Genesis 27 – Isaac Blesses Jacob

In Genesis 27, we find that because Isaac loved Esau most, he thinks his blessing on him will secure his future as Isaac would have it to be.  But God will have it His way.  Jacobs deception of his father is pretty loathsome, though; and so is the fact that his mother not only came up with the idea – but she helped him carry it out (v 6-17)!  Refer back to Gen 25:25, to explain verses 11 and 16.  Such an elaborate plan from her in short order suggests a thing or two about Jacob being such a “trickster.” Parents “teach” their children in all sorts of ways.

Notice  that Jacob has no problem about lying to his father, and even explains “getting back so quickly” by saying that is was “Because the Lord your God granted me success”, referring to the hunt for game (v 20)!  So, clearly Jacob also was not a perfect man.  But our God is forgiving and merciful.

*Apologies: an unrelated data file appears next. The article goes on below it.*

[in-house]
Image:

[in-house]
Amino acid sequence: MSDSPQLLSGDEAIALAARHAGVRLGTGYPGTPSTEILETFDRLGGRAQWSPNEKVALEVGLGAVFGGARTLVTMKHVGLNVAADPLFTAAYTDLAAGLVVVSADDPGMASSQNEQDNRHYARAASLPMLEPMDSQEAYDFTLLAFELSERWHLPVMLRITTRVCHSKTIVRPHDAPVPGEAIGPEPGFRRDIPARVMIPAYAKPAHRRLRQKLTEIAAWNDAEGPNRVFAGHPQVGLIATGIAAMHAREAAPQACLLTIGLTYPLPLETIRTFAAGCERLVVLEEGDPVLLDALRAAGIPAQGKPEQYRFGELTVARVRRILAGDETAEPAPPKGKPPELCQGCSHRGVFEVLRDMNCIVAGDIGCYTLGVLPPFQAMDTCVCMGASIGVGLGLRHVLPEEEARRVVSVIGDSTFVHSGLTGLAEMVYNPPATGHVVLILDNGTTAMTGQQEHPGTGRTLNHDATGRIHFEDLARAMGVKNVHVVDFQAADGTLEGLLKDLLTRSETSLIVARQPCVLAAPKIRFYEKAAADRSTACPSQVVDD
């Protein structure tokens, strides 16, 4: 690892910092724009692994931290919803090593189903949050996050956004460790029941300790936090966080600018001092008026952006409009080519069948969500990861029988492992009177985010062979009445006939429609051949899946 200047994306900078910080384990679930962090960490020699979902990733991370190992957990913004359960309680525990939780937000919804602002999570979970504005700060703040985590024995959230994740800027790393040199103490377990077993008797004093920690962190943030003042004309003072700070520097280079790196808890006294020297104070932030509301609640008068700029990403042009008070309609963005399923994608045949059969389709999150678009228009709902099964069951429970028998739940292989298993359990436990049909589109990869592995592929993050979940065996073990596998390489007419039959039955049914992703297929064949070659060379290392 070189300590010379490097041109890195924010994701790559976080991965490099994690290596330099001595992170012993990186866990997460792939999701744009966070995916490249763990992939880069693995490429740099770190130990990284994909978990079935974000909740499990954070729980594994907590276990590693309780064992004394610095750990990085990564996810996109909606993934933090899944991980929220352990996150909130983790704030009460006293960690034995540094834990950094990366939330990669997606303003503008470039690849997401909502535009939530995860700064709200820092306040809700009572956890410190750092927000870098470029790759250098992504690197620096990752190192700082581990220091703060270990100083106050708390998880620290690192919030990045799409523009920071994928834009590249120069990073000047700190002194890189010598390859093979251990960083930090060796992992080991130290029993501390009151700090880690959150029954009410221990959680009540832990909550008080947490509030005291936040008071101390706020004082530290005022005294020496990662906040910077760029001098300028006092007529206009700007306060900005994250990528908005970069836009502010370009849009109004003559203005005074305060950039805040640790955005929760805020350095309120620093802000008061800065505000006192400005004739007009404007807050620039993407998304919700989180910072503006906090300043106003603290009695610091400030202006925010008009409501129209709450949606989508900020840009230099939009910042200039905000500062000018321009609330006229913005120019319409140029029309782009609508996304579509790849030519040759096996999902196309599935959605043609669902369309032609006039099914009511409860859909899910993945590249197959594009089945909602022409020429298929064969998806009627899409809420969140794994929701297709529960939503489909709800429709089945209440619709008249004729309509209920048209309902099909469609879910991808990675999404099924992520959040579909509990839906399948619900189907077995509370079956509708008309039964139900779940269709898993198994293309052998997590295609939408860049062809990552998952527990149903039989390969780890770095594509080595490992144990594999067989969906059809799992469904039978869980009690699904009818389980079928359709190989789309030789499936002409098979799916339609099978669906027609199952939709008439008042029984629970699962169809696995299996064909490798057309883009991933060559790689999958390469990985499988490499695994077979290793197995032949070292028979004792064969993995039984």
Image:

Esau did not try to hide his hatred for Jacob afterward, as his plans for his brother got back to his mother Rebekah (v 42).  So she makes plans for him to go away to her brother, Laban’s people in Haran.  We were told in chapter 26 that Esau’s Canaanite wives made life bitter for them, and Rebekah uses that to influence Isaac to send Jacob away to get a wife (v 46).

Read or listen to audio of ESV version of this selection from this link.